When at last the assent of the angels to the creation of man was given, God said to Gabriel: "Go and fetch Me dust from the four corners of the earth, and I will create man therewith." Gabriel went forth to do the bidding of the Lord, but the earth drove him away, and refused to let him gather up dust from it. Gabriel remonstrated: "Why, O Earth, dost thou not hearken unto the voice of the Lord, who founded thee upon the waters without props or pillars?" The earth replied, and said: "I am destined to become a curse, and to be cursed through man, and if God Himself does not take the dust from me, no one else shall ever do it." When God heard this, He stretched out His hand, took of the dust of the ground, and created the first man therewith. Of set purpose the dust was taken from all four corners of the earth, so that if a man from the east should happen to die in the west, or a man from the west in the east, the earth should not dare refuse to receive the dead, and tell him to go whence he was taken. Wherever a man chances to die, and wheresoever he is buried, there will he return to the earth from which he sprang. Also, the dust was of various colors--red, black, white, and green--red for the blood, black for the bowels, white for the bones and veins, and green for the pale skin.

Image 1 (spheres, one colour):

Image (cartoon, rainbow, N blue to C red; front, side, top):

At this early moment the Torah interfered. She addressed herself to God: "O Lord of the world! The world is Thine, Thou canst do with it as seemeth good in Thine eyes. But the man Thou art now creating will be few of days and full of trouble and sin. If it be not Thy purpose to have forbearance and patience with him, it were better not to call him into being." God replied, "Is it for naught I am called long-suffering and merciful?"
The grace and lovingkindness of God revealed themselves particularly in His taking one spoonful of dust from the spot where in time to come the altar would stand, saying, "I shall take man from the place of atonement, that he may endure."